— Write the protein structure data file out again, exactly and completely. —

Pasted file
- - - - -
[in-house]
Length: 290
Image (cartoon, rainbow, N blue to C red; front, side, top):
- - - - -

[in-house]
Length: 290
Image (cartoon, rainbow, N blue to C red; front, side, top):